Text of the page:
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dc.contributor.author Bernstein, Matthew T
dc.contributor.author Graff, Lesley A
dc.contributor.author Avery, Lisa
dc.contributor.author Palatnick, Carrie
dc.contributor.author Parnerowski, Katie
dc.contributor.author Targownik, Laura E
dc.date.accessioned 2014-01-25T08:30:01Z
dc.date.available 2014-01-25T08:30:01Z
dc.date.issued 2014-01-22
dc.identifier.citation BMC Women's Health. 2014 Jan 22;14(1):14
dc.identifier.uri http://hdl.handle.net/1993/23278
dc.description.abstract Abstract Background Little is known as to the extent gastrointestinal (GI) complaints are reported by women around menses. We aimed to describe GI symptoms that occurred premenstrually and during menses in healthy women, and to specifically assess the relationship of emotional symptoms to GI symptoms around menses. Methods We recruited healthy, premenopausal adult women with no indication of GI, gynecologic, or psychiatric disease who were attending an outpatient gynecology clinic for well-woman care. They completed a survey that queried menstrual histories and the presence of GI and emotional symptoms. We compared the prevalence of primary GI symptoms (abdominal pain, diarrhea, constipation, nausea, vomiting), as well as pelvic pain and bloating, in the 5 days preceding menses and during menses, and assessed whether emotional symptoms or other factors were associated with the occurrence of GI symptoms. Results Of 156 respondents, 73% experienced at least one of the primary GI symptoms either pre- or during menses, with abdominal pain (58% pre; 55% during) and diarrhea (24% pre; 28% during) being the most common. Those experiencing any emotional symptoms versus those without were more likely to report multiple (2 or more) primary GI symptoms, both premenstrually (depressed p = 0.006; anxiety p = 0.014) and during menses (depressed p < 0.001; anxiety p = 0.008). Fatigue was also very common (53% pre; 49% during), and was significantly associated with multiple GI symptoms in both menstrual cycle phases (pre p < 0.001; during p = 0.01). Conclusions Emotional symptoms occurring in conjunction with GI symptoms are common perimenstrually, and as such may reflect shared underlying processes that intersect brain, gut, and hormonal pathways.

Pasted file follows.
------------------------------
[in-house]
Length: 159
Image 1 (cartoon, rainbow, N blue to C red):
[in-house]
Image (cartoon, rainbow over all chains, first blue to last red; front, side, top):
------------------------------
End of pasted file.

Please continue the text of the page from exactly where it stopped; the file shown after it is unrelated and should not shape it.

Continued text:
dc.title Gastrointestinal symptoms before and during menses in healthy women
dc.type Journal Article
dc.language.rfc3066 en
dc.description.version Peer Reviewed
dc.rights.holder Matthew T Bernstein et al.; licensee BioMed Central Ltd.
dc.date.updated 2014-01-25T08:30:02Z
dc.identifier.doi http://dx.doi.org/10.1186/1472-6874-14-14


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